All we have, the knowledge, the wealth, the gifts, the talents were given to us by God so that we can be good stewards. That means being good managers of our success. Andrew Carnergie, an American industrialist and a business strategist acquired a lot of wealth through his businesses and at one point he decided to come up with a plan to distribute it all for the benefit of man kind, supporting education by building libraries and campuses and giving to social actions and churches for he did not want to die with it. He said it is even a disgrace.
What advice would you give to upcoming writers?
In Kenya and the rest of Africa, there has been a culture, a narrative that Kenyans and Africans don’t read and write. Time has come to debunk that myth. It is time to change the narrative.
When you engage in reading you interact with ideas, the thinking of great men and women who walked on the face of the earth. It is through such exposure that you grow mentally and especially in your thinking capacity and hence removing the cob webs that tangles our minds. Writing engages you and refreshes you and gives you opportunity to contemplate, to imagine to meditate, hence grows you mentally. The process of writing helps you to solidify the vague thoughts and brings clarity. Someone said that this world will be ruled by thinkers. All those people who have made a tangible achievement and have made a difference in the world, interacted with ideas that challenged them to do things differently.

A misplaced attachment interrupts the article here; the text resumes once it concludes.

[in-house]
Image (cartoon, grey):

To the young writers, my message is that you can write. Everybody has a story to tell but it is only those who will be brave enough to pick a piece of paper and a pen and scribble down their thoughts who will leave a manuscript or a book in this world.
I am proud to belong to a group of writers from Kenya who are changing the culture and the narrative that Kenyans don’t read and Kenyans don’t write.
What was your experience publishing with CLC Kenya?
I came across CLC Kenyan publishers when I attended a book launch entitled Conceive Achieve by an author called Julius Mwebia. I realized they are very professional and that they work with their heart on what they do and that they walk with young writers hand by hand for I heard testimonies from other people who had published with them. I have some books they have published and even by the look, the books look good with covers well designed. Inside the books that I have read, they are very meticulous in their editorial work for you cannot find a comma, an exclamation mark, an apostrophe, a question mark that is left out or misplaced. And my perception is formed, these are the people I would want to publish books with.
The cost of publishing is also very friendly in comparison to other publishers in Kenya and abroad. I have published a book abroad and I can say CLC they keep and go beyond international standards.